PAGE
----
(b) Brief description of the touristic interest in the country, and the prevailing
tourism-related business environment (e.g. cultural tourism, health tourism,
eco-tourism, etc.); and
(c ) Capacity of the lead agency and other stakeholders to continue with the implementation of the proposed strategies, once the current project is concluded.
The above-mentioned selection process will enable the project team (lead agency at country level and WIPO project management team) to assess the commitment and the actual capacities of prospective candidates to invest time and resources in the process.
Cooperation with other agencies In the strategic implementation of the project, and in view of its long-term sustainability, synergies will be sought, where appropriate, with programs, projects and initiatives of other relevant UN Specialized Agencies, funds and/or programs, in particular/such as the United Nations Educational, Scientific and Cultural Organization (UNESCO) and the United Nations World Tourism Organization (UNWTO), within their respective mandates, including work in areas related to safeguarding intangible cultural heritage and the preservation of cultural heritage, and the role of tourism in promoting national development.
2.4. Potential risks and mitigating measures
In the course of the project implementation, a series of risks may be envisaged: (a) at the WIPO project management level, and (b) at the country project implementation level.
With regard to the WIPO project management, a potential risk may be represented by the difficulty to identify expert resources with the required experience and knowledge of the intersection between IP and the promotion of tourism, national and/or local knowledge, traditions and culture for development. As a mitigating measure, it is proposed to seek cooperation as early as possible with other relevant UN Specialized Agencies, funds, and/or programs, such as the United Nations Educational, Scientific and Cultural Organization (UNESCO) and the United Nations World Tourism Organization (UNWTO) (see point 2.3 below).
With regard to the country-level project implementation, the following risks may occur: difficulties in the identification of relevant tourism stakeholders; difficulties in the organization of capacity-building and awareness-raising activities; lack of agreement among stakeholders on possible strategies to be adopted; lack of agreement among the academic community on the adoption of proposed curricula and teaching materials. A key mitigation measure to counter the potential negative impact deriving from such risks is the appointment, in each pilot country, of a lead agency/institution responsible to coordinate country-level activities among stakeholders and liaise efficiently with the WIPO project team. The same lead agency/institution should also establish, as early as possible from the project inception, appropriate links with the academic community in each pilot country to ensure their buy-in into the project approach.
Also, conditions in a selected pilot country may become adverse to pursuing the project, in which case due negotiations should be pursued. Should such negotiations be unsuccessful, the project in the country may be suspended.
3. REVIEW AND EVALUATION
3.1. Project Review Schedule
A yearly progress report will be presented for the consideration of the CDIP.
A final independent evaluation report will be prepared by an external consultant upon project completion and will be submitted to the CDIP.
3.2. Project Self-Evaluation
Indicators of Successful Completion (Output Indicators)
(a) A practical Guide on the use of IP systems and tools for tourism promotion, including through the promotion of national knowledge, traditions and culture; and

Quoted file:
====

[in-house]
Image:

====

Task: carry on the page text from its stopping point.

(b) Four case studies conducted and documented (one per pilot country).
Three pilot countries selected (in addition to Egypt)
(a) Three countries selected (based on agreed selection criteria); and
(b) Lead agencies/institutions appointed for country project implementation.
Tourism stakeholders and national authorities identified
(a) In each country, relevant tourism stakeholders identified in coordination with lead institutions.
Country-level project plans approved
Project implementation plans drafted (one per country).
Tourism stakeholders and national authorities, including IP offices, sensitized
In each pilot country, two capacity building events organized to sensitize tourism stakeholders and strengthen the capacities of national authorities to provide sector-specific support to tourism-related economic activity through the use of IP.
Higher awareness among the academic community on the intersection between IP and tourism and the promotion of national and knowledge, traditions and culture for development
(a) Information/awareness-raising materials produced (at least one video documentary); and
(b) Teaching/training materials developed (at least one set) and integrated in curricula.
Indicators of Success in Achieving Project Objective (Outcome Indicators)
Create capacities for key tourism stakeholders, as well as for national/local authorities, including IP offices, of how to use IP tools and strategies to add value and diversify tourism-related economic activity, including activity related to the promotion of tourism, national and/or local knowledge, traditions and culture.
National authorities in all four pilot countries have developed structures to provide advisory services on IP and tourism for growth and national development.
Tourism stakeholders in at least two countries have started/developed plans to use IP tools and strategies to strengthen their competitiveness and promote tourism, national and/or local knowledge, traditions and culture.
Raise awareness of the academic community of the intersection between IP and tourism in the framework of growth and development policies with a view to developing teaching materials and promoting the inclusion of specialized curricula in tourism management schools and in national IP academies.
Up to two schools of Tourism Management and at least one national IP Academy have adopted curricula and educational and training materials developed by the project.
4. IMPLEMENTATION TIMELINE
Drafting a practical guide and case studies on IP and Tourism
- Setting up of study group (including WIPO and external experts)